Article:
Assisi, the town of St Francis and St Clare fame was twenty minutes away by car. I studied the superb Giotto frescoes in the church of San Francisco. 

Giotto, fresco, Saint Clare
The preserved town is a mecca for pilgrims and art lovers. I was moved by the reverence of people walking round the tomb of St Francis. The small preserved town is enchanting at dusk. The sunsets dazzle the mind and eye as the air itself seems infused with a spiritual magic. 

Becoming friends with Italian artist Bruno Marcelloni was a great highlight. We’d met on LinkedIn. I messaged him that I was coming to Assisi. He answered that he’d meet me there. He'd grown up in Assisi across from my favorite monument; the Temple of Minerva, beautifully preserved and the façade for an Assisi church. 

Temple of Minerva, note the shadows from the columns in the photo above.

Bruno was a chosen artist at the 2011 Venice Biennial in 2011. His studio is in a nearby town. I visited him on two occasions. In return, he came to the residency and the opening of the group show where I performed Job’s Wife with a paper mask. 

Bruno and I graciously exchanged artworks. The one he chose for me reminds me of the shadows from the columns of the Temple of Minerva (as a child, he rode his tricycle in it’s plaza). I believe its magic flows in this artwork. Furthermore, in a certain light, the artwork reveals a mysterious apse of a church in the background. The many layers of his abstract artwork taught me to more fully appreciate the particular beauty of the ever-changing Umbrian mountains and clouds, the ancient stone walkways and walls, arches, and the endless silhouettes. Much as Cezanne and Van Gogh informed my sense of the French countryside on my first visit as a 19 year old an art student, his work reveals what's alive in the present from that ancient historical world. 

 Bruno Marcelloni and Suzanne Benton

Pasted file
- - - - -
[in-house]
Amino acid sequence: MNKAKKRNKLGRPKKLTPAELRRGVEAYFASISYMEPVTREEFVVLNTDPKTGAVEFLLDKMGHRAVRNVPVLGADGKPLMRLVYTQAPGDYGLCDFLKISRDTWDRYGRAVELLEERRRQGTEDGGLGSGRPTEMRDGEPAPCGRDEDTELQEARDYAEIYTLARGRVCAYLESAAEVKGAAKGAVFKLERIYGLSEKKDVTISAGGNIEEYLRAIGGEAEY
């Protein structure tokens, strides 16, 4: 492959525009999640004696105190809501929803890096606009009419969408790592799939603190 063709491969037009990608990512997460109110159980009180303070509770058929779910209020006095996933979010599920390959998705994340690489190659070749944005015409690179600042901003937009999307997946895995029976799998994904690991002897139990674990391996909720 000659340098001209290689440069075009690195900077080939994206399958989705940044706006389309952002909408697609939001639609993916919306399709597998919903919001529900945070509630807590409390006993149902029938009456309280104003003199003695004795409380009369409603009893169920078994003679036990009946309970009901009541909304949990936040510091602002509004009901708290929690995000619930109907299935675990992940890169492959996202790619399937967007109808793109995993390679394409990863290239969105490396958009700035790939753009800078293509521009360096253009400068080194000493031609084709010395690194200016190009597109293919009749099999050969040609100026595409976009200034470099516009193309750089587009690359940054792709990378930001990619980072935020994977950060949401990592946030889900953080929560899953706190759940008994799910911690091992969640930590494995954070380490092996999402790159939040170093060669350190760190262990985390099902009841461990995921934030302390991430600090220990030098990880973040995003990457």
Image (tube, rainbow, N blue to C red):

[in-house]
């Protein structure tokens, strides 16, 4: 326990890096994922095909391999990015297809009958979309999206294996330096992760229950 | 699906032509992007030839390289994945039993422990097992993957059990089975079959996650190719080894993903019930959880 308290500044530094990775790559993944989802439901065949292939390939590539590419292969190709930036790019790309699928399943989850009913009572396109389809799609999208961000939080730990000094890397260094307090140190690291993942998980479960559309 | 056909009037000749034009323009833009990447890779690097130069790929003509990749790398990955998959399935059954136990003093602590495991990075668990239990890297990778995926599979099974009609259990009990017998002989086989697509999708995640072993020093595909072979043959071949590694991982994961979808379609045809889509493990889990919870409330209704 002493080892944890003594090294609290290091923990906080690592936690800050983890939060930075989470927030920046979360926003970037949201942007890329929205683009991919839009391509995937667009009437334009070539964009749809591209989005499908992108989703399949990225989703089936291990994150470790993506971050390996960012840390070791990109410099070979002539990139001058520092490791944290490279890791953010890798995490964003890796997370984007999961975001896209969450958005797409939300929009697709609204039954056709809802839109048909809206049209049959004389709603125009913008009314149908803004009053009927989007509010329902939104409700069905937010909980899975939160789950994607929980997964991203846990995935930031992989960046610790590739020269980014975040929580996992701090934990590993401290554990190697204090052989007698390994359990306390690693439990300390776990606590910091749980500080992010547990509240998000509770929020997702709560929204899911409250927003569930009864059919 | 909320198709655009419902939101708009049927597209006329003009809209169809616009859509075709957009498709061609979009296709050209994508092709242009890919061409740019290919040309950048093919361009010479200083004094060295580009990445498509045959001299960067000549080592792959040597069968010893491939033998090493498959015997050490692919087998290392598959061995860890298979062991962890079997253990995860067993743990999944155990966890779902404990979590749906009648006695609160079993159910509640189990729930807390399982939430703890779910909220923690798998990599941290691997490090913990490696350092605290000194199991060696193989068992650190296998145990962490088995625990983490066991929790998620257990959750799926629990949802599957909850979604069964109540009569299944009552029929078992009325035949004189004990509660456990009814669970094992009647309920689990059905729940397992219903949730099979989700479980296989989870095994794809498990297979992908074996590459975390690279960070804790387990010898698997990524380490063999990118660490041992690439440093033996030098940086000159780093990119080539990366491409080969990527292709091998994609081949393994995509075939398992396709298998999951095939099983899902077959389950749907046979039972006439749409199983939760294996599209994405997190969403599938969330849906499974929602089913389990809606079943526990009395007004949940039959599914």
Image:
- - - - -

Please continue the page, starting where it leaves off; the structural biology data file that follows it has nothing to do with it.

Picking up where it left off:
Bruno Marcelloni, Acrylic, Luca


I returned to Ridgefield, Connecticut  in mid-December with the new artworks I'd created, two by Bruno, a bottle of olive oil pressed from Marina’s father  olive grove and a recipe for pasta carbonara from her mother Adria to ever after share with friends. 

Nash Hyon and I exchanged artworks soon after I came home. Hers is a beautiful encaustic of our Wilton/Ridgefield trees. It's hanging in my bedroom alongside Bruno’s. These multi-layered artworks, one from Assisi, Italy and the other from Connecticut, USA fill me with a sense of life refreshed. Please visit my show at the PMW Gallery this Spring and enjoy the works I've created as a result of this yearlong Proust inspired project.

Tuesday, November 5, 2013

First night in Rome and the waiter at my dinner plied me with free glasses of Proseco. Another waiter sang. Delicious food too. Got lost on my way back to the B&B, and finally figured it out. Would I ever find that restaurant again?

Next day: took the city bus today to see the sights, a two hour ride and you can keep getting off and on. I did at the last stop near the Borghese Gardens. The Vatican from the bus seems a total zoo of people, no way to even try to enter.  I'm so glad I went in 1955 when there were hardly any people touristing in those days. Got a sense of the city from the bus and enjoyed the views. Next day - to the Borghese Museums and then Assisi on Friday. Got my train tickets and enjoyed talking with the fellow at the tourist counter. It's true, the Romans are very friendly. Rome is an easy city to get around in and to feel quickly at home. My B&B is very well located. I actually walked there from the Termini station with my heavy suitcase and carry on.